TopicsSafeguardingSafe from self-harm

Safe from self-harm

Emmie Hopkinson and Zoe Clark discuss how a self-harm educational website for teachers can positively impact children and young people.

Between one in five and one in seven adolescents in England self-harm (Uh et al, 2021). But there is no governmental health campaign focusing on the prevention and treatment of self-harm in adolescents; this is alarming, considering that in 15- to 17-year-olds, for example, for every male suicide, 120 males present to hospital with self-harm, whereas for every female suicide, 919 females present to hospital for self-harm (Geulayov et al, 2018). This article will examine the influences behind self-harm in adolescents and its increasing rate, the opportunities and challenges that are associated with self-harm and the realistic solutions and health promotion resources that can be implemented to prevent and manage self-harm within the community.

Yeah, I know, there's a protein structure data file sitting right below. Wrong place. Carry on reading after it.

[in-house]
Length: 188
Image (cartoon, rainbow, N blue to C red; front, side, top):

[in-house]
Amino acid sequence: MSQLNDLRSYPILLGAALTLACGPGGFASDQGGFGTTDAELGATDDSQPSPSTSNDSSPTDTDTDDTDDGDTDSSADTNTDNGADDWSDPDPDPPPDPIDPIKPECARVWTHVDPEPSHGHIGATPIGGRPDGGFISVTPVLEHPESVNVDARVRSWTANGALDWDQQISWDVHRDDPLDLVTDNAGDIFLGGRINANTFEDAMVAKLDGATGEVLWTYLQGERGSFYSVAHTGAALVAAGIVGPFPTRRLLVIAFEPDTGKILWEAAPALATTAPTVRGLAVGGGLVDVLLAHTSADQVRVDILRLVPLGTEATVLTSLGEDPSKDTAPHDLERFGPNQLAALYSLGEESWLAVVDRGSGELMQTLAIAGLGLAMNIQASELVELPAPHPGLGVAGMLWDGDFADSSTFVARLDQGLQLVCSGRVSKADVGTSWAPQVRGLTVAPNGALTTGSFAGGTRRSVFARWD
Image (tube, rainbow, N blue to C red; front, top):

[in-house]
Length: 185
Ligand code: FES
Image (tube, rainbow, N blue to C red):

In an average size class of 22.6 students (Department for Education, 2022a), there are potentially four students who self-harm. Nationally, this further suggests that out of three million secondary school students, there could be approximately 900,000 students who are, at present, self-harming, which can lead to long-term consequences: those who continue to engage in self-harm during adolescence are reported to have a significant increase in anxiety, depression and negative health outcomes as adults (Daukantaitė et al, 2020).

In addition, there is a correlation between using self-harm to cope with emotional behaviours and an increased risk of suicide (McManus et al, 2019). Therefore, the evidence suggests that early intervention in adolescence is imperative to prevent increased negative mental and physical health outcomes and the risk of suicide.

Challenges and opportunities